Defence Minister Anita Anand speaks with reporters before attending Question Period, in Ottawa, Monday, Nov. 14, 2022. THE CANADIAN PRESS/Adrian Wyld

Civilian police declined 40 military sexual criminal cases: Armed Forces

Ottawa’s plan to transfer cases of alleged sexual crimes involving military personnel outside the Canadian Armed Forces has hit resistance, with military police forced to investigate dozens of cases over the past year after they were rejected by civilian authorities.

Defence Minister Anita Anand presented a report to Parliament on Tuesday on the military’s efforts to address sexual misconduct in the ranks, but during a technical briefing on the report officials revealed the difficulties with implementing a key recommended reform.

The report specifically offered an update on implementation of the 48 recommendations made by retired Supreme Court justice Louise Arbour following a sweeping review earlier this year, which Anand said are all now being accepted.

Those include removing the military’s jurisdiction over investigating and prosecuting sexual crimes, which Anand had previously declined to accept outright, as well as reviewing the benefits, disadvantages and costs of Canada’s two military colleges.

While Anand and military officials insisted they were moving ahead with significant reforms on a number of fronts, numerous questions and potential obstacles loomed large.

Chief among them was exactly how the federal government would implement Arbour’s key recommendation to have military authorities stop investigating and prosecuting alleged sexual crimes by removing their jurisdiction over such cases.

The challenge was underscored as military police deputy commander Col. Vanessa Hanrahan told reporters that civilian police have declined to take 40 of 97 cases since Anand directed the transfer of such cases on a temporary basis in November 2021.

The minister’s direction followed an interim recommendation from Arbour, who said moving the cases from military to civilian authorities was necessary to address widespread mistrust and doubt about the military’s ability to properly handle such cases. Arbour later called for the move to be permanent when she released her report in May this year.

Military police were still able to investigate cases declined by civilian counterparts, Hanrahan added, with charges laid through the civilian justice system.

Yet while she said there was no single reason for why civilian police refused the military’s cases, the large number of rejected cases comes as the federal government and some provinces have been locked in a dispute over funding and other resources.

Ontario and British Columbia, in particular, have publicly called on Ottawa for more resources to facilitate the transfer of cases from the military to civilian justice systems.

In her report, Anand said the federal government and military officials have met with provincial and territorial counterparts several times to discuss the issue. But neither Anand nor military officials specifically addressed the provinces’ concerns.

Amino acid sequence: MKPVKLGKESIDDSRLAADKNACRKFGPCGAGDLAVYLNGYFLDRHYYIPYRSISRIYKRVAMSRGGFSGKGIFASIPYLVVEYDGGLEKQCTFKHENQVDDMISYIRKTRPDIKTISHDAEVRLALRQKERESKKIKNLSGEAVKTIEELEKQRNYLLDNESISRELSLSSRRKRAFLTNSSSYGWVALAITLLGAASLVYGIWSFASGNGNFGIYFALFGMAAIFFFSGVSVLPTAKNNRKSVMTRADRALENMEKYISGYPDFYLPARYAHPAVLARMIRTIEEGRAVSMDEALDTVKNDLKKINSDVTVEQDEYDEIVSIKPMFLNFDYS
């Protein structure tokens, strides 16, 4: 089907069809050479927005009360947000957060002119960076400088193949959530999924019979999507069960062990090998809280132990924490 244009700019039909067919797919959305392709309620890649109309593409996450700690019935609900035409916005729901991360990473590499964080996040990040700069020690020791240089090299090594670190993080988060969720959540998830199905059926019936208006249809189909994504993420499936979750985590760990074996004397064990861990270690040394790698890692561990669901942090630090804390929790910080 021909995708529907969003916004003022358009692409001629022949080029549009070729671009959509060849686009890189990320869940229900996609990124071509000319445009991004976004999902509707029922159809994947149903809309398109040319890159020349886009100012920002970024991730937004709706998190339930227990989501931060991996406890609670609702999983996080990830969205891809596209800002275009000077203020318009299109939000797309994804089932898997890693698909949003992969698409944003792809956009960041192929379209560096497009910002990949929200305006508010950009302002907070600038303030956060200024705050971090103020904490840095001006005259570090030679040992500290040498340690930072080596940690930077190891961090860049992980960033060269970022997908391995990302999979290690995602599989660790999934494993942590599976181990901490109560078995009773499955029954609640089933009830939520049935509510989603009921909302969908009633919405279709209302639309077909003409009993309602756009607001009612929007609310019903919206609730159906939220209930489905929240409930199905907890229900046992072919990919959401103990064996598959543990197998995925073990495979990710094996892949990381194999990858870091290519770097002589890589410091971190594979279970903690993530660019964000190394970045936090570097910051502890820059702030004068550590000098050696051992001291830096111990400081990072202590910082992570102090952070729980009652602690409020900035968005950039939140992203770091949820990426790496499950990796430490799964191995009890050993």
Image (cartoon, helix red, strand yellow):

Deputy judge advocate general Col. Stephen Strickey said those discussions will continue in the new year, with military officials planning to provide Anand with options for moving ahead in the coming months.

Anand also said in her report that she had directed the military to start working on a review of the Royal Military College in Kingston, Ont., and its French-language counterpart in Saint-Jean-sur-Richelieu, Que.

Arbour, whose recommendations followed a yearlong review that coincided with explosive allegations of inappropriate behaviour by many of the military’s top officers, had said the review should focus on the need for such institutions.

Shannon Smith of the Canadian Defence Academy, the organization overseeing the two colleges, said the terms of reference for the review would be presented to senior military leaders in the new year.

The review will look at “the benefits, disadvantages, costs and advantages of continuing to educate … cadets at the military colleges,” she said. “It will include a focus on the quality of the education, socialization and military training at the colleges.”

Yet Smith also indicated the review would not look specifically at whether the colleges should close.

“I would note that Madame Arbour’s report noted that closing the colleges altogether would be a missed opportunity, but is the model that we’re using right,” she said.

When she released her scathing report in May, Arbour criticized the Armed Forces and its leadership for having failed to act on hundreds of previous recommendations from outside sources designed to address problems with its culture.

The military ombudsman, as well as a panel of retired Armed Forces members, had also just chastised the organization for failing to act on dozens of previous studies and reviews on racism in the ranks over the last two decades.

Brig.-Gen. Roger Scott insisted that this time would be different, in large part due to the appointment of an external monitor in the form of Jocelyne Therrien, who previously worked in the auditor general’s office.

Be Among The First To Know

Sign up for a free account today, and receive top headlines in your inbox Monday to Saturday.

Sign Up with google Sign Up with facebook

This site is protected by reCAPTCHA and the Google Privacy Policy and Terms of Service apply.

Reset your password

This site is protected by reCAPTCHA and the Google Privacy Policy and Terms of Service apply.

A link has been emailed to you - check your inbox.



Don't have an account? Click here to sign up
Pop-up banner image